How declining birth rates affect our economies
Around the developed world, people are living longer, and birth rates are falling. What does this mean for our society, our economy, and our families?
Experts differ on the peak carrying capacity for human life on the planet Earth. Some argue that we have already surpassed it, pointing to severe droughts, the increased movement of migrant and refugee populations, and issues with crop yield as evidence that the planet is already struggling with its human population.
Most experts agree that we are currently living through the 'anthropocene' era, defined as "the period during which human activity has been the dominant influence on climate and the environment".
Human population numbers undoubtedly affect the environment, and overpopulation promises to bring about even more violent change - however, economically speaking, the picture is not so simple.
The Grey Pound, and the Intern Trap
A recent CNN article reported on Japan's millennial generation, who are marrying less often, and producing fewer offspring than previous generations. The falling birth rate is contrasted with Japan's ageing population - the country has the highest percentage of over-65s of any developed nation, making up a whopping 33% of the population.
People living longer means they also stay in work longer, and in Japan, as in other countries with an ageing population, this can lead to a 'skills gap' where older workers are slow to retire, and sufficient skills and knowledge are not transferred to younger workers.
This phenomenon also explains, to a certain degree, the 'intern trap' in which many young people find themselves. As Neil Howe writes in Forbes, a lack of 'room at the top' in the workplace can lead to the proliferation of low-paid work, zero-hours contracts and unpaid internships in a great many industries.
This Is Money recently estimated that nearly 50% of the UK's spending was part of 'the grey pound' - money spent by those in retirement, after years of graft and gradual advancement through the ranks. Such life-long jobs and upward trajectories are much rarer for young people these days.
Unlike the CA qualification, where you study and work at the same time with a guaranteed route for progression, internships for young graduates can lead to people drifting from one internship to the next, never finding permanent employment. The long-term effects of this might lead to a generation whose retirement will be spent in poverty.
There are big social and fiscal challenges involved in managing low birth rates and ageing populations too. Older people may require more medical care, and a 2015 parliamentary report on the UK's demographic makeup projects huge increases in NHS spending, pension provision and infrastructure costs as a result of the growth in numbers of the over-65s.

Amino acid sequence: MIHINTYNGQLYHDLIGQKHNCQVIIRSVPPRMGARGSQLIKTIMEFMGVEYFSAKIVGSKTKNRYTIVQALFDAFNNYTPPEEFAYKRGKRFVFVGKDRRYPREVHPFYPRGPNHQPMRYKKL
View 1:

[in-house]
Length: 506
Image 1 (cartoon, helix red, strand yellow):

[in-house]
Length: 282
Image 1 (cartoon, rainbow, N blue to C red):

More retired people out of work, and more young people in low paid jobs, could have a drastic effect on our economy, and this has led to unpopular moves such as extending the retirement age, or more well-thought of initiatives such as matching funds invested in workplace pensions for younger workers.
Planning for the future
The key effect of these demographic changes is an increased need for planning. Governments around the world are scrambling to put schemes in place to address the predicted economic fallout, and these changes will continue to have repercussions for those in work, in training, or enjoying retirement.
Other global issues are driving policy change, from climate instability to mass migration, but overpopulation, and the effects of an ageing population living and working longer are increasingly being identified as the key economic motivators.
How to balance these two opposing forces? Opinions vary widely. While some experts warn of the dangers of overpopulation for the global economy, others are engaged in finding creative ways to balance things out, with programmes designed to encourage young people to have children, and to make it more economically viable for them to do so.
While an ageing population presents certain challenges, from skills shortages to increased pressure on services, many experts are optimistic about the changes an ageing workforce might bring to our economies.
While the 'gig economy' in which so many young people find themselves has been criticised because it can lead to low pay and more exploitation of workers, it can also provide a greater freedom than previous generations enjoyed.
The only way to be certain that you will be provided for is to stay abreast of the latest developments; keep informed about your options for careers, pensions and healthcare. Perhaps together, we can build a brighter future.